Wednesday, October 28, 2009

Ruth's Diary

via fadedfilmstrips Flickr stream

Fiona Robyn is going to blog her next novel, Thaw, starting on the 1st of March next year. The novel follows 32 year old Ruth’s diary over three months as she decides whether or not to carry on living.

To help spread the word she’s organising a Blogsplash, where blogs will publish the first page of Ruth’s diary simultaneously (and a link to the blog).

She’s aiming to get 1000 blogs involved – if you’d be interested in joining in, email her at or find out more information here.

I already signed up to help... Won't you?


Thursday, October 15, 2009

Vintage Berlin

White Lace Dress

Thanks so much for all the comment love I got on my last post-- you guys are so lovely! It's so nice to get positive feedback every now and again:) It's also nice to know that there are people out there who actually read what I write!

I know I posted about Berlin last time, but I'm not quite finished yet. I promise after this post, I'll stop living in the past and will write about what's going on in my current town, Dubai.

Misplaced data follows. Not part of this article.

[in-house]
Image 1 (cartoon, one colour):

I'm a big fan of the "outfit post," although I haven't quite gotten the hang of it quite yet (see Liebemarlene, Strawberry Koi, Some Girls Wander..., Clever Nettle, Sally Jane Vintage, Casey's Elegant Musings, etc. for better examples). These girls have mastered the art of romantic settings (think train tracks, moss-covered trees, cemeteries, historic mansions), the lens flare, soft lighting... Truth be told, even if I could learn these techniques, I'm not usually wearing outfits that are really deserving of their own outfit post. I'm usually living out of a suitcase, which means my outfit/accessory/shoes choices are VERY limited.

Vintage Dress in Berlin
Dress - Vintage, found in a Berlin vintage shop
Cardigan - borrowed from Corrie's closet
Tights - Hue
Boots - Madden Girl, bought at DSW last year
Scarf - (not pictured because it blew off in transit and is forever lost) Corrie's, CNC

I absolutely fell in love with the shops in Berlin. We got around on bicycle (something new to this American girl-- don't try that in our cities, unless you have a death wish!), which meant I had ample time to check out little shops-- and pull over and stop when time allowed! They have a plethora of shops just stocked to the brim with vintage dresses and shoes and what-not. I was in hog heaven, and without the prohibitive price tags, lack of suitcase space, and the flagging US dollar, I might have gone overboard!